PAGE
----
Wednesday, November 30, 2011

The Many Uses of Psychedelics

From the LA Times, scientists are finding new uses for psychedelic drugs including treatments for PTSD, addiction, and depression.

Tuesday, November 29, 2011

Silk Road - Underground Marketplace for Recreational Chemicals

EDIT:  this site is long gone.  I am mildly embarrassed that I gave it any press, given that there were some slightly shady things that may have gone on there.  But I don't personally consider reasonable amounts of certain substances in safe environments to be shady.

This site made the news a while back, an underground marketplace hidden more or less in plain sight.  I happened to think of it again when a friend of mine who lives a couple of thousand miles away was trying to source a few difficult to find items.  The link I have is:


But you can't access that link with an ordinary browser.  As far as I know the only option is to use the anonymous Tor browser bundle, so in theory everyone approaches the site anonymously.  The Tor browser bundle sets up pretty neatly as a one-click solution using a version of Firefox as the browser.  However, due to the anonymizing, it starts slower (I often wonder if something is wrong) and everything loads slower than your regular browser.  Once at the Silk Road site you'll have to create a username and password to look around.

Mainly recreational chemicals are sold, everything from cannabis, shrooms, LSD,  MDMA and Ketamine to name a few, and when I just now took a look, there were 1557 drug items being sold.  My recollection is that there is a lot more going on there than when I first took a look some months back.  Trades are made using Bitcoins, a digital currency which I presently know next to nothing about, except that some of the prices seem a bit high.  As of today, a Bitcoin trades for $2.77 USD.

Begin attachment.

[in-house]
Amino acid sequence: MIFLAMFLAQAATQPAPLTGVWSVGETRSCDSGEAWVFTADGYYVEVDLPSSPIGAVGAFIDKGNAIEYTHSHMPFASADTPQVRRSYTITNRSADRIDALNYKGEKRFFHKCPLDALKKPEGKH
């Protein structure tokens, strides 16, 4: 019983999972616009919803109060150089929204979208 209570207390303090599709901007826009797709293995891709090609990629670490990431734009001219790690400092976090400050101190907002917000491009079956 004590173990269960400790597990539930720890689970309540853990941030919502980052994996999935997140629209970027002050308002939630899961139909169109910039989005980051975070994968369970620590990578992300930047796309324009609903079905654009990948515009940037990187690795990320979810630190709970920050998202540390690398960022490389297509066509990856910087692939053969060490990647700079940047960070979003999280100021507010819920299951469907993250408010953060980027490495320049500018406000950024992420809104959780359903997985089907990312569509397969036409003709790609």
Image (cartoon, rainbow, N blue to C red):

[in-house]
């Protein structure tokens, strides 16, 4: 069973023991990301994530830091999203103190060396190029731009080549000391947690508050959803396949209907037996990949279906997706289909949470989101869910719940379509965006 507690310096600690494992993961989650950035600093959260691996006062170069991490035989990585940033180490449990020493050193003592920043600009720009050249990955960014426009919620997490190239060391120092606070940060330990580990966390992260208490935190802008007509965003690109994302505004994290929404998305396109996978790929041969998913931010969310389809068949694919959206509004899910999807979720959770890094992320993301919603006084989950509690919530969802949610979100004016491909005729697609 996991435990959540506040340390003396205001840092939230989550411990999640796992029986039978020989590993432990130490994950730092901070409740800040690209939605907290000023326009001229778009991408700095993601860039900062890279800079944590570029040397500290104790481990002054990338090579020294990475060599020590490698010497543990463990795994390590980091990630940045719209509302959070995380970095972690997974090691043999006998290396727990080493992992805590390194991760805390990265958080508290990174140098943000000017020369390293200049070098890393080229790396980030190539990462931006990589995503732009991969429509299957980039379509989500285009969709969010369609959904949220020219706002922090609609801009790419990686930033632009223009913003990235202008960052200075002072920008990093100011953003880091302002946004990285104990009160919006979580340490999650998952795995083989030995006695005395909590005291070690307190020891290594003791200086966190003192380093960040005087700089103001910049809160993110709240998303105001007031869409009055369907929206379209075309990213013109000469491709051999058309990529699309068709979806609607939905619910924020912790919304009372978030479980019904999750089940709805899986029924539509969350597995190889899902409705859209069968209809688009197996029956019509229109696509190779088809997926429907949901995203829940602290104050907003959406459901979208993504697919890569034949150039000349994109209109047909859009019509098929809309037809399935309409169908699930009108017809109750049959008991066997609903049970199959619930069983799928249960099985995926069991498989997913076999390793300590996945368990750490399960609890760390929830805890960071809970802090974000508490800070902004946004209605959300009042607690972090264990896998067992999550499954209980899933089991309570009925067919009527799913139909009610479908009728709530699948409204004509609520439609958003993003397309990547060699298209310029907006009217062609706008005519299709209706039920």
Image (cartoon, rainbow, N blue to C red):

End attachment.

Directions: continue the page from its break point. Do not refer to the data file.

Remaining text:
Sellers receive ratings from buyers, which if accurate would help to prevent rip-offs.  Without ratings I'm not sure such a site would be practical.  Given reasonable ratings, most of the risk involved would be in receiving the package itself.

I have not used the site myself, but I find it very interesting.

I have a certain amount of libertarian sympathies in me, and I would tend to agree with one highly-ranked seller's viewpoint on this kind of thing:

About me: Cautious, normal, everyday person who ships high quality products discreetly. I believe that the use of drugs is a personal choice. I also believe that those who are able to navigate the complexities involved with acquiring Bitcoin and configuring Tor are intellectually fit enough to research their drugs and take appropriate doses relative to their experience and comfort level. Try visiting as a nice informative starting point if you're unsure.

Sunday, November 27, 2011

Meditation improves Default Mode Processing

From the abstract of Meditation experience is associated with differences in default mode network activity and connectivity, "we found that the main nodes of the default-mode network (medial prefrontal and posterior cingulate cortices) were relatively deactivated in experienced meditators across all meditation types" and from the Behavioral Medicine Report, a good write up including "the meditators did this both during meditation, and also when just resting — not being told to do anything in particular. This may indicate that meditators have developed a “new” default mode in which there is more present-centered awareness, and less “self”-centered, say the researchers."

This was research from Judson Brewer, who has been doing fMRI scans on advanced meditators I mentioned in Path vs. Non-Path and Meditating in a Big Magnetic Tube.

The default mode locations of medial prefrontal and posterior cingulate correspond roughly to Fz (maybe Fpz) and Pz.  Douglas Dailey recommends doing alpha-theta training at these locations, and has a number of reasons for doing so laid out in his FAQ for his alpha-theta design.  My personal experience, sample of one, is that rewarding frontal theta makes it very difficult to stay present, but your mileage may vary.

EDIT:  Nice critique of this paper in "A brave new default mode in meditation practitioners- or just confused controls?"

TripMaster Alpha Guide - BioExplorer Design

I thought I would share the BioExplorer Design that I have used for tripping (and occasional regular sessions).  I've done hundreds of designs, this is a good one, and I believe there are some good ideas here that I'd like to share.  This is a 2 channel design with a focus on Alpha.  All amplitudes used are sums of both channels.  Here's a breakdown of the biofeedback it provides and some design notes: